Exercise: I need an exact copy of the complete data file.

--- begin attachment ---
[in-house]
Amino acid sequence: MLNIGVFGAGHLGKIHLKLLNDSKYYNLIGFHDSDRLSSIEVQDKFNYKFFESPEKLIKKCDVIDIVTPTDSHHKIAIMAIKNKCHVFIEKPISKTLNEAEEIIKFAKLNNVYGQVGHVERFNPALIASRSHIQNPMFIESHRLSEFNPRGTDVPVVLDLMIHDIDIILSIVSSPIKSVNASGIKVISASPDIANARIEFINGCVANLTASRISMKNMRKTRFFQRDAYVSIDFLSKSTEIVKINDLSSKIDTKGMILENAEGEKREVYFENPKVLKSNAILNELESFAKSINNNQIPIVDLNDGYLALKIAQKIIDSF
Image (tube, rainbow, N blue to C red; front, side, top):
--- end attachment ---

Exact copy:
[in-house]
Amino acid sequence: MLNIGVFGAGHLGKIHLKLLNDSKYYNLIGFHDSDRLSSIEVQDKFNYKFFESPEKLIKKCDVIDIVTPTDSHHKIAIMAIKNKCHVFIEKPISKTLNEAEEIIKFAKLNNVYGQVGHVERFNPALIASRSHIQNPMFIESHRLSEFNPRGTDVPVVLDLMIHDIDIILSIVSSPIKSVNASGIKVISASPDIANARIEFINGCVANLTASRISMKNMRKTRFFQRDAYVSIDFLSKSTEIVKINDLSSKIDTKGMILENAEGEKREVYFENPKVLKSNAILNELESFAKSINNNQIPIVDLNDGYLALKIAQKIIDSF
Image (tube, rainbow, N blue to C red; front, side, top):